The Fisherian runaway model of sexual selection [19, 20] suggests that sexual selection could generate a rapid and continual change in sexual ornaments, as few males get most of the mating and are free from constraints imposed by parental behaviour. In lekking species, sexual selection and dimorphism are expected to be even stronger (e.g., [3, 21]. The power of sexual selection to drive changes in mate recognition traits is also potentially a potent force in speciation (e.g., [22–25]). However, some models suggest that strong sexual selection may act against speciation .
Here we present a robust phylogenetic hypothesis and divergence time estimates for the birds-of-paradise (stricto sensu), based on both nuclear and mitochondrial sequence data. We use this i) to asses if the speciation rate and the evolution of sexually selected traits have been excessively high in the polygynous core birds-of-paradise, and ii) to examine biogeographical patterns and analyze the geographical differentiation in relation to sexually selected traits.
Taxon sampling, amplification and sequencing
Specimen data and Genbank accession numbers for samples used in the study.
King of Saxony Bird-of-Paradise
Drepanornis (Epimachus) bruijnii
Diphyllodes (Cicinnurus) respublica
Short-tailed Batis/Fernando Po Batis
MNHN CG 1998-783/ZMUC 02953
Hooded Crow/Carrion Crow
NRM 986167/MNHN CG 1995-41*
Spangled Drongo/Hair-crested Drongo
Lovely Fairy-wren/Superb Fairy-wren
ZMCU S458/FMNH 345690*
Blue-fronted Amazon/Maroon-bellied Parakeet
Amazona aestiva/Pyrrhura frontalis (Psittacidae)
NRM 966989, uncat*
Primers designed for this study.
Primer sequence (5' - 3')
TCA CAC AAA TTA TCA CAG GCC T
TCC TCC TAA CCC TAA TAG CAA C
CCT ACA CGA AAC AGG ATC AAA CAA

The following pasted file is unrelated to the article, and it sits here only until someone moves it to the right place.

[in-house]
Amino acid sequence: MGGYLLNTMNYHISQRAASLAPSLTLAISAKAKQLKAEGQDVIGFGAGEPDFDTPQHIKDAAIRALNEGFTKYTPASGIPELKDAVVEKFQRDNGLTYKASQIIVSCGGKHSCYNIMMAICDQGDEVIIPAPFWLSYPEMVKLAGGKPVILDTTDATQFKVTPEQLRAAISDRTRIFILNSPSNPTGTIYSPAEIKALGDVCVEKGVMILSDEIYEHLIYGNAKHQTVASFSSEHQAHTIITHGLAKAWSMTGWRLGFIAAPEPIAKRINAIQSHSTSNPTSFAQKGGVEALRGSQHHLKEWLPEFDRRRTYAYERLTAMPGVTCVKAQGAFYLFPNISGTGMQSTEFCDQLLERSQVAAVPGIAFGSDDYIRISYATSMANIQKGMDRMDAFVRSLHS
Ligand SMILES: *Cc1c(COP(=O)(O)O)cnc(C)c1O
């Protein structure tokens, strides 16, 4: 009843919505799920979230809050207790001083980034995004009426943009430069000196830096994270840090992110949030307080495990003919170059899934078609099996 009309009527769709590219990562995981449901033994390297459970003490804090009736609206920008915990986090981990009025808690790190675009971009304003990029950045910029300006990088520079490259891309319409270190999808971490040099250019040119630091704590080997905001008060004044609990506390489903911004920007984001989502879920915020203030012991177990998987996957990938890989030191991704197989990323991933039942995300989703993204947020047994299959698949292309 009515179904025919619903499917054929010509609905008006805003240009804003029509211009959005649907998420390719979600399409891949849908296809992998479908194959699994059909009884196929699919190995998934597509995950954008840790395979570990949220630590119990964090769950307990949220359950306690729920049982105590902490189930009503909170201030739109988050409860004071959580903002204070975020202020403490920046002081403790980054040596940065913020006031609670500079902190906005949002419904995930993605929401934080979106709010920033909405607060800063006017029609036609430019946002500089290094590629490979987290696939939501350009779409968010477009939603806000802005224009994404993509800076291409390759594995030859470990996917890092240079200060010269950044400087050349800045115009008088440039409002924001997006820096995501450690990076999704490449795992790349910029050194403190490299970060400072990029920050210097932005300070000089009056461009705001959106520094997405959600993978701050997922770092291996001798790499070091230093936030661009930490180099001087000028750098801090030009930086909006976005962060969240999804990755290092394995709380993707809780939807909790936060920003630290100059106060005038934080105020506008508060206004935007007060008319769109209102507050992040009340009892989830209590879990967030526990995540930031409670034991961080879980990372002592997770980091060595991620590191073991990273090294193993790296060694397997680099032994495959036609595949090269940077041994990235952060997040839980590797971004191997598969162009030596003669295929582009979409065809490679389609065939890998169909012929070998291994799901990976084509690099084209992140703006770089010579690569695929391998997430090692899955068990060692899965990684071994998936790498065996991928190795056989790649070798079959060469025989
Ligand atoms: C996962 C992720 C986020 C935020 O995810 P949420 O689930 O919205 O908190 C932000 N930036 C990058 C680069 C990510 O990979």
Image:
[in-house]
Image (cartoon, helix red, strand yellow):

CTC CCC ATA TCA AAC CAG AAT GAT A
TCC GAC GAA GGC TGT TGC TAT TA
GGG GGT TGT TTG ATC CTG TTT C
TCG GAG GAT GGC GTA TGC AAA TAG
AAT GGA TGT TCG ACT GGT TGG CT
AAT CCC ACT GTG GAG TGA GAT TGT
GAPDH intron 11
AGG AGG CAG CTA CAG TAA TTT CAG GT
GAPDH intron 11
CAG ACC CAG AGA CCT TTG TTC A
ODC intron 6 and 7
GTA GCT TAC TTT GAC CAG CTT GGC A
ODC intron 6 and 7
AGT TGC CAA TTT TAG TGC ATC AGT
ODC intron 6 and 7
AAA CAG AGG TAA CTC ATG TTC AAG T
ODC intron 6 and 7
Phylogenetic analyses and estimation of speciation rates
We used Bayesian inference (see e.g., ) to estimate phylogenetic relationships. The models for nucleotide substitution used in the analyses were selected for each gene individually by applying the Akaike Information Criterion (AIC, Akaike ) using the program MrModeltest 2.2  in conjunction with PAUP* . Due to a rather low number of insertions in the non-coding nuclear loci the sequences could easily be aligned by eye. All gaps were treated as missing data in the analyses.
Posterior probabilities of trees and parameters in the substitution models were approximated with MCMC and Metropolis coupling using the program MrBayes 3.1.1 . Analyses were performed for the cytochrome b gene, a concatenated data set of the nuclear loci (GAPDH and ODC), and a concatenated data set of all genes. In the analyses of the concatenated data sets the models selected for the individual gene partitions were used. We used an unconstrained, exponential branch length prior. All chains were run for 25 million generations, with trees sampled every 100 generations. The trees sampled during the burn-in (i.e., before the chain had reached its apparent target distribution) were discarded, and after checking for convergence, final inference was made from the concatenated output from the two runs.